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I am developing a core on Spartan 6 which needs to do divisions like 1/6,2/4 etc... so the values are always between 0 and 1. As I dont need the precision of floating point I am want to use a fixed point divider as division is costly. I found some dividers on opencores.org but all of them can computer normal division problems like 4/2,8/4 etc... well but cannot do 1/6 kind of operations. Can anyone point to a suitable divider for my application

Thank You

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    \$\begingroup\$ Are the divisors constants or do they vary? \$\endgroup\$
    – Joe Hass
    Jan 19, 2013 at 17:54
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    \$\begingroup\$ What kind of bandwidth (results per second) and latency does your application require? I developed a pipelined divider that can deliver a result per clock @150 MHz, but that's because I needed to compute 1024 scale factors during the vertical blanking interval of a HD video stream. If you don't need that kind of bandwidth, there are other approaches that are less resource-intensive. My divider is in VHDL; it could be translated to Verilog (but not for free). \$\endgroup\$
    – Dave Tweed
    Jan 19, 2013 at 17:56
  • \$\begingroup\$ @JoeHass: If the divisors are constants, you don't need a divider at all; you just multiply by 1/x instead. \$\endgroup\$
    – Dave Tweed
    Jan 19, 2013 at 17:59
  • \$\begingroup\$ @DaveTweed: Yes, that's exactly why I asked. I've learned never to take anything for granted on stackexchange. \$\endgroup\$
    – Joe Hass
    Jan 19, 2013 at 18:01
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    \$\begingroup\$ Actually, even if the divisors vary, computing 1/x is a very viable approach if you don't need a result per clock. The Newton-Rhapson method just needs one multiplier to compute 1/x in a few clocks, and then one more multiply gets you your quotient. There are many commercial computers throughout history that have used exactly this method. \$\endgroup\$
    – Dave Tweed
    Jan 19, 2013 at 18:12

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You say that you have found dividers that do "normal" division. Fixed-point division is normal division, except that the dividend must be scaled up (shifted left). Shift the dividend to the left 8 places (multiply by 256), then do a normal division. The fixed-point fractional result is equal to the integer result from the division, divided by 256. So, if you want to calculate 1/6 you will actually divide (1*256)/6, which is 42. The real result is therefore 42/256 = 0.1640625, which is reasonably close to the true value of 0.1666... We would normally say that this result is a fixed-point number with 8 bits to the right of the decimal point. If you want greater precision, use a larger scale factor.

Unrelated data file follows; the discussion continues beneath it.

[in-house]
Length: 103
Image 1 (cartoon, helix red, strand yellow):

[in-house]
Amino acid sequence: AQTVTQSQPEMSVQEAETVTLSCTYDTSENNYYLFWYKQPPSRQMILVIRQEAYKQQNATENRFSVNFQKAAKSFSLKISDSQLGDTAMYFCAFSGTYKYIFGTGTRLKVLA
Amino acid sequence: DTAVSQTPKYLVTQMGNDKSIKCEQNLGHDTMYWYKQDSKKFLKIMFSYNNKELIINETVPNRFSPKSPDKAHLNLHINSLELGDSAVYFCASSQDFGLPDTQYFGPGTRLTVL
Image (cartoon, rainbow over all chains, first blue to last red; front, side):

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  • \$\begingroup\$ My problem is if I do 1/4 with this divider I am getting zero as answer. Following your method if I do 256/4 I get 64. Again if I do 64/256 I would get zero because any division with numerator less than denominator is resulting in zero. What to do ? :( \$\endgroup\$
    – 8A52
    Feb 19, 2013 at 0:01
  • \$\begingroup\$ You have to scale the dividend up. If you want to do integer division and have the result represent a fraction, you have to multiply the dividend by some power of 2 beforehand. \$\endgroup\$
    – Joe Hass
    Feb 20, 2013 at 2:55
  • \$\begingroup\$ A bit of example code would help me a lot. I tried and tried but had no success at all. Please help me \$\endgroup\$
    – 8A52
    Mar 7, 2013 at 21:21
  • \$\begingroup\$ If you are doing integer divisions then it is impossible to get a result that is not an integer. The key concept is how you interpret that integer. In your example above you would not try to divide 64/256, you would just recognize that the result is a fraction multiplied by the integer 256. \$\endgroup\$
    – Joe Hass
    Mar 19, 2013 at 21:40

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